Protecting your mattress and home from disaster is as simple as following our list of the ten greatest ways to take care of it.
1. Make sure your mattress is properly supported.
You may not always need to purchase the matching foundation or box spring with a new mattress, but it is crucial to ensure that your mattress has the proper support. This preserves the material’s integrity and prevents premature wear.
For more information, speak with the product’s creator or review the manufacturer’s warranty policy. Specialty mattresses such as memory foam and latex require a firmer support than traditional spring beds.
The center support bars on queen and king beds should be constructed to handle the weight of the mattress and the people sleeping on it. Depending on the mattress and weight, wide-slat platform beds may require additional support.
In order to ensure that your mattress isn’t affected by damaged slats or springs, you should examine the stability of your bed once a year or so.
2. Use a mattress protector from the beginning.
Mattress protectors are one of the simplest and most effective ways to extend the life of your mattress.
In addition to protecting your mattress from spills and mishaps, a high-quality mattress protector reduces the amount of dust, debris, and filth that enters your bed.
This keeps skin oils and sweat off the bed, which helps keep allergens like mildew and dust mites from building up. To make cleanup a breeze when accidents do occur, many modern protectors feel just like a fitted sheet.
3. Wash bed linens regularly.
Sweat, oils, hair, and skin cells are all shed while you sleep. In addition to the crumbs that are left behind when one eats in bed, pets can bring in all kinds of other items. Not only does this smell bad, but it can also foster bacteria and encourage the growth of dust mites if it makes its way into the mattress.
According to most housekeeping professionals, bed linens and blankets should be laundered once a week to twice a week. The cleanliness of your sheets is essential even if you’re wearing a mattress protector. The mattress protector should also be washed on a regular basis, following the instructions provided by the manufacturer.
4. Get pets separate beds to snuggle in.
Giving pets their own beds rather than having them snuggle on your mattress is preferable when it comes to bedding.
When pets, like people, go outside to relieve themselves, they slobber, drool, and shed hair and cells, which end up on your sheets. It’s not uncommon for pets to have an accident, which can completely damage a perfectly nice mattress.
5. Rotate the mattress regularly.
No matter the size or the material, rotating a mattress on a regular basis is beneficial to all mattresses. While some manufacturers claim that rotating is not necessary, the fact is that rotating promotes more even wear, while not rotating increases the risk of depressions and softness.
Rotate the mattress from head to foot every two to six months. During the first few of years of using a new mattress, this is very critical.
6. No jumping on the bed!
Your mother was right when she said you shouldn’t jump on the bed. Spring, water, and air mattresses are the most vulnerable to harm from harsh wear, but foundations, frames, and even foams can all wear down more quickly if you are rough on the mattress.
7. Take care when moving your mattress.
When moving, avoid bending or folding your mattress to prevent damage. Instead, wrap it in plastic to keep it safe. If you’re moving and need to protect your mattress from scuffs and scratches, heavy-duty mattress bags that can be taped shut are generally available at moving and box stores.
In general, it’s better to move a mattress upright on its side to avoid creases or sagging during transport. Mattress covers with handles are normally not recommended for moving or dragging the mattress.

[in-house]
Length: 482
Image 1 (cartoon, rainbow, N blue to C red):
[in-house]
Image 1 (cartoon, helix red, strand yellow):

8. Don’t bring home unwanted hitchhikers.
Once a bedbug has infiltrated, it’s difficult to get rid of them.
Always check the bed for symptoms of bed bugs and try to keep luggage off the floor when sleeping away from home. If you think you might have bedbugs, Texas A&M University provides some advice on how to keep them out of your house.
Consider utilizing a bedbug-proof mattress encasement if you live in an apartment or in an area where these pests are prevalent. All four sides of the bed are covered to keep bugs out. These are different from mattress protectors since they feature unbreakable zippers.
9. Let the light in occasionally.
Remove your mattress for a few hours every month or two on a sunny, dry day to let the sun to air out your mattress (though if bedbugs are possible, leave the cover on).
According to a Kingston University study, this may also help control dust mite populations by preventing excessive moisture from sleepers and humidity.
10. Follow manufacturer cleaning directions.
In order to maintain the health and cleanliness of your mattress, it is essential that you clean your mattress on a regular basis.
A hose attachment can be used to vacuum the surface of most beds to remove any surface dust that may have built up.
Before changing the bed, spot treating stains with a moderate water and soap solution is an option. Foams can be damaged by harsh chemical cleaners, so be careful while using them.
Vacuuming should be done every 1 to 3 months, depending on the degree of dust, allergies, or personal preference.
The essentials of mattress care and maintenance are the same regardless of the type or brand of mattress. To summarize, make sure the bed is free of debris, secure it from harm, support it, and rotate it regularly to promote even wear.
Mattress longevity depends on a variety of circumstances, but following these best practices will help guarantee that you get years of healthy sleep and that your investment lasts as long as feasible. Know that a 10-year mattress guarantee is the industry standard, regardless of whether you’re shopping at a brick-and-mortar store or a new bed in a box.
Mattress disposal is regulated and governed in New York City in the same way that it is in other parts of the United States. To prevent receiving complaints and incurring fines, make sure you know how to properly dispose of a mattress in NYC. To get a handle on the process, simply seal the bed and set a schedule before putting it out on the street.
Check with the Sanitation Department if you have any other complaints, such as cancellations or the condition of your bed.